This section is from the book "Nature's Garden", by Neltje Blanchan. Also available from Amazon: Nature's Garden; An Aid To Knowledge Of Our Wild Flowers And Their Insect Visitors.
Flowers - Pale lilac blue, slightly fragrant, borne on sticky pedicels, in loose, spreading clusters. Calyx with 5 long, sharp teeth. Corolla of 5 flat lobes, indented like the top of a heart, and united into a slender tube; 5 unequal, straight, short stamens in corolla tube; 1 pistil with 3 stigmas. Stem: 1 to 2 ft. high, finely coated with sticky hairs above, erect or spreading, and producing leafy shoots from base. Leaves: Of flowering stem - opposite, oblong, tapering to a point; of sterile shoots - oblong or egg-shaped, not pointed, 1 to 2 in. long.
Preferred Habitat - Moist, rocky woods.
Flowering Season - April - June.
Distribution - Eastern Canada to Florida, Minnesota to Arkansas.
The merest novice can have no difficulty in naming the flower whose wild and cultivated relations abound throughout North America, the almost exclusive home of the genus, although it is to European horticulturists, as usual the first to see the possibilities in our native flowers, that we owe the gay hybrids in our gardens. Mr. Drummond, a collector from the Botanical Society of Glasgow, early in the thirties sent home the seeds of a species from Texas, which became the ancestor of the gorgeous annuals, the Drummond phloxes of commerce to-day; and although he died of fever in Cuba before the plants became generally known, not even his kinsman, the author of "Natural Law in the Spiritual World," has done more to immortalize the family name.
While the wild blue phlox is sometimes cultivated, it is the Garden Phlox (P. paniculata), common in woods and thickets from Pennsylvania to Illinois and southward, that under a gardener's care bears the large terminal clusters of purple, magenta, crimson, pink, and white flowers abundant in old-fashioned, hardy borders. From these it has escaped so freely in many sections of the North and East as to be counted among the local wild flowers. Unless the young offshoots are separated from the parent and given a nook of their own, the flower quickly reverts to the original type. European cultivators claim that the most brilliant colors are obtained by crossing annual with perennial phloxes.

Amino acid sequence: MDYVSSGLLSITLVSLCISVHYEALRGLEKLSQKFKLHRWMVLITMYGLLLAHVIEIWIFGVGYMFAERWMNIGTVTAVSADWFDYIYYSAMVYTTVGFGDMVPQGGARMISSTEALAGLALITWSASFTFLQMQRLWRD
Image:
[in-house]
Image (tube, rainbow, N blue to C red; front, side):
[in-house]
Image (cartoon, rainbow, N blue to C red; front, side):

Wild Sweet William (P. maculata), another perennial much sought by cultivators, loves the moisture of low woods and the neighborhood of streams in the Middle and Western States when it is free to choose its habitat; but it, too, has so freely escaped from gardens farther north into dry and dusty roadsides, that any one who has passed the ruins of Hawthorne's little red cottage at Lenox, for example, and seen the way his wife's clump of white phlox under his study window has spread to cover an acre of hillside, would suppose it to be luxuriating in its favorite locality. This variety of the species (var. Candida) lacks the purplish flecks on stem and lower leaves responsible for the specific name of the type. Pinkish purple or pink blossoms are borne in a rather narrow, elongated panicle on the typical Sweet William.
Most members of the phlox family resort to the trick of coating the upper stem and the peduncles immediately below the flowers with a sticky secretion in which crawling insects, intent on pilfering sweets, meet their death, just as birds are caught on limed twigs. Butterflies, for whom phloxes have narrowed their tubes to the exclusion of most other insects, are their benefactors; but long-tongued bees and flies often seek their nectar. Indeed, the number of strictly butterfly-flowers is surprisingly small.